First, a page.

J. P. Moreland prominent philosopher and apologist.
Others include Nancey Pearcey, Charles Colson, Norman Geisler, C. S. Lewis and William Lane Craig. And going back in history a bit futher Charles Hodge and B. B. Warfield.
These are all prominent defenders of the Biblical worldview and so to say that this requires a belief in a young earth is complete nonsense.
I don’t mean to speak for Bill here but he seems to be sitting on the fence on this issue which indicates to me that he views it as a non-essential for belief in a Biblical worldview, contrary to the pontificatings of the young earthers here and their conflating of a young earth with revealed biblical truth.
Let me seek to be brief (in order that I can keep my own rules!).
-This particular post was on social Darwinism, so it is always preferable to stay on topic where possible.
-The age of the earth debate is important, and of course it has been debated ad infinitum, ad nauseam in all sorts of places, including countless books, magazines, websites, etc.
-It is my preference to see these important debates battled out in those other places, and not have it become the main topic of interest on this site. Sure, I am happy to give it a bit of a run on my site – which I have done numerous times – but it is not the number one purpose of, or reason for, this site.
-Given that this is my website, I hope you can respect where I wish to go with it.
-As to the issue at hand, it should be clear by now that I have attempted to stay out of it somewhat. This is not because I consider it to be unimportant, but because I am still wrestling with it myself.
-The truth is, on and off for over thirty years now I have read, studied, thought and prayed about this issue, and I have not fully come to a firm conclusion on the age of the earth debate.
-It is hopefully clear from this site that I have huge problems with macroevolution, and also have a high view of Scripture, and have some understanding of historical and biblical theology. So hopefully I am not operating out of ignorance here.
-And please, no need to send me more literature promoting your particular view on the matter. For what it is worth, I have at least 200 books just on this one issue alone. I think I am as well read on this topic as many of you. So I am quite aware of the arguments, counter-arguments, counter-counter-arguments, counter-counter-counter-arguments, and so on.
-So instead of either side (and there are in fact a number of sides here, not just two) seeking to convert me, perhaps just be patient with me and continue to pray for me. We all need more truth, more humility, more grace and more discernment here. Certainly I do.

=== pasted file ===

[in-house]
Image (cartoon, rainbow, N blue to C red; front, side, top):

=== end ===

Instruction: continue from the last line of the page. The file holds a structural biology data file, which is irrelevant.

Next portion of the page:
-The bottom line for me here is can we agree to disagree on some quite important issues, and continue to show Christian grace and charity, as we seek to grow together in knowledge and understanding? It is my prayer that we can.
Bill Muehlenberg, CultureWatch
Tristan, I think you’re over reacting to the comments in response to your original question. Speaking for myself, I wasn’t accusing you of believing anything beyond what you wrote. I was simply answering your question and in the process needed to refer to a couple of other issues. I wasn’t suggesting you necessarily believed in death before the Fall for example.
You claim there was “Not a single offer to answer questions”, but I thought I was directly answering your original question.
If i may just say, having read the thread I feel that perhaps we all need to just take a step back and take a long deep breath.
Tristan, just because there are many people here who don’t agree with you does not mean that they are attacking you personally. Your take on the genesis account of creation may differ for many reasons to those who don’t agree with you, but as we have seen, this issue is by no means resolved, and quite possibly may remain that way for a good while yet.
Don’t get upset when people don’t agree. I commend you all as we seek to work out our faith together. Lets all just remember that we are all part of the same family, and that whatever views we hold, we are to work for His kingdom and to bring glory to His name.
May the Lord bless each and every one of you.
Thanks for your comments, Bill.
Have you seen the many reviews and articles at Living Tradition which critique the historical theories of evolution — http://www.rtforum.org/lt/index.html ?
Peter D Howard